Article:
Well, this is the soundtrack to a western, but it's also the soundtrack to the bloody new vision of Quentin Tarantino so while it hints at it, it's not exactly the most classical collection of dusty old desert songs you could imagine. It's a soundtrack that packs just as many punches as his movie and brands those wincingly visceral scenes into your mind as if it was an 'r' on Jamie Foxx's face.
From Ennio Morricone to Rick Ross it's a thrilling OST that somehow manages to modernise the western without completely ruining it in the process, I mean perhaps Rick Ross out of context is a little jarring, but John Legend's 'Who Did That to You?' is the smarmy second gun in Foxx's hand after you think he's all out of bullets. It's drawling guitar line wails with a lone gunman swagger as Legend's R&B vocals cry out with an over the top pulp. This more than any other song on the soundtrack encapsulates your thoughts of not what a Tarantino western is, but what it should be.
It's difficult to pick out tracks here that are better than the rest, they're all good, but this isn't a record in the usual sense, it's a soundtrack, obviously, and therefore it's about the feeling it brings with it and Tarantino's choices of tracks like 'Freedom' ring with the authenticity of classic slavery hymnals. It's a record that feels as sadistic and redemptive as the tale is on screen and it's a testament to these musicians that you don't need to see the film to understand the tale. It's spliced with some of the finest cuts of dialogue and death from the movie which add an extra layer of texture to this inspired collection and mean that you get to hear Christoph Waltz say, 'five thousand dollar n***a, that's practically my middle name' as much as you bloody well please.
Some of the finest moments come from the musical genre maestro that is Ennio Morricone and 'The Braying Mule' is one such delightful interlude which with its simple twitchy guitar line bounds along with purpose into the majesty of 'Un Monumento' which signals a shift in style to a more authoritative approach to things and is clearly where Django is. erm. well, 'unchained' metaphorically speaking of course. It makes sense then that the following track be titled 'Unchained' and is a lesson in cool from James Brown and 2Pac that couldn't suit Django's needs any better if it was a pair of pliers. Luis Bacalov's instrumental history in Spaghetti Western's also heightens the senses here as his grand scale transports you to the distinct time and place which is exactly why it's his work you'll have been hearing on the main theme 'Django' which opens the movie with a pulse pleasing rhythm that sets the tone of everything to come. It's imbued with menacing undertones and an overwrought sense of style and substance that are at each other's throats throughout.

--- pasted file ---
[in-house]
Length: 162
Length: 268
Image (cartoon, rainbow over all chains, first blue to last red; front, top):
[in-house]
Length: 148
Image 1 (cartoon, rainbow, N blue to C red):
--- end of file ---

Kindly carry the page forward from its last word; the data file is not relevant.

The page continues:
It's music that's stamped with Tarantino's mark; 'Nicaragua' is injected with the happy-go-lucky feel of the incredible True Romance score and Jim Croce's 'I Got A Name' is a classic left-field choice that's given new life by its use here. With this soundtrack Tarantino has once again shown his ears are just as good as his eyes.